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Supporting Graduate Students During Stressful Times

Graduate school was already challenging and stressful for many students, and the events of the past few months have exacerbated existing stressors and added new ones. At the same time, faculty and staff are living through many of the same challenges, with many stretched thin and exhausted. This means that, at a time when graduate students are most in need of attentive mentoring and support from graduate programs, the people who would provide that support might, understandably, be less able to do so. To try to help bridge this gap, the Graduate Student Mental Health Task Force has created this resource to summarize the major stressors students are facing, and to provide guidance on principles, approaches, and strategies that mentors and graduate programs can use as they support students during these extremely stressful times.

Prepared by the Mental Health Task Force.

Principles and Approaches Graduate Programs and Mentors Can Use to Support Students

Communicate Clearly, Regularly, and with Compassion

  • The top recommendation in the American Council on Education’s guidelines on mental health, higher education, and COVID-19 is “ensure that communication is consistent, caring, and clear.” Similarly, Active Minds recommended, “Develop a clear, comprehensive communications plan that addresses student concerns, particularly academic and mental health needs.”
  • It’s important to check in on graduate students regularly, and for mentors and grad programs to really mean it when asking a student how they’re doing and if there’s anything they need. Ideally, a student’s primary mentor should have consistent, personalized contact and check-ins with students. In addition, the graduate program director, graduate program coordinator, and/or someone else on behalf of the graduate program should strive to have an open (virtual) door policy, making it clear that students can approach them about concerns. With both of these forms of outreach, it is important that the contact not seem formulaic or cursory. For graduate students, knowing someone cares about their well-being goes a long way; given students’ widely disparate experiences, individualized outreach is key.
  • We recommend creating a clear plan for communicating—for example, a mentor might set up weekly check-ins with each student, and a department might send a weekly newsletter. We also recommend sharing your communication plan with students so they know what to expect and when to expect it. This will also serve as a commitment on the part of mentors and departments.
  • For mentors, we strongly recommend developing mentoring plans with each student, and updating ones that were previously developed; the templates available on Rackham’s mentoring page begin with a section on communication.
  • Students also expect and depend on department and unit administrators to be in regular communication and to acknowledge the challenges students are facing. For example, some students may take silence or a slow response to many of the pivotal events of this year (e.g., the killing of George Floyd) as tacit acceptance of the status quo or a lack of endorsement of moving towards anti-racist policies and procedures.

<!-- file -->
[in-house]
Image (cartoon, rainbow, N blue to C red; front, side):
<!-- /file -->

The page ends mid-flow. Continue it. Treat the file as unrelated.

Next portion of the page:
• As we approach fall semester, we also recommend that graduate programs survey graduate students to find out about their needs, concerns, and barriers to success. However, we also emphasize that surveying students and then not responding causes harm; as programs develop plans to survey their students, they must also develop a plan for how to respond to issues raised by students.
    1. Possible things to ask about include food or housing insecurity; financial concerns; technology, ergonomic, and other resource-related barriers to safely and effectively working remotely; concerns related to fall teaching, research, and coursework; needs related to caring for children, elders, or others; and, concerns and ideas regarding department climate.
    2. Alternatively, departments can keep the survey more open-ended, asking students to indicate how they are doing and what the department/program can do to support them at this time.

Follow Up If You Have Concerns About a Student

In some cases, a student will indicate they are not okay, or something in the interaction will leave the mentor (or whoever is checking in on the student) worried things might not be okay. In other cases, a student might not respond at all.

If you have concerns about a graduate student:

Proactively Build in as Much Flexibility as Possible, Including for Funding, Resources, and Decisions Pertaining to Students, and Communicate This Clearly and Early

  • William Lopez recently noted, “This semester is about compassion, forgiveness, empathy, flexibility, and humanity. Model it as a professor and as a person. It’s the only way to create a positive learning environment amid the chaos.”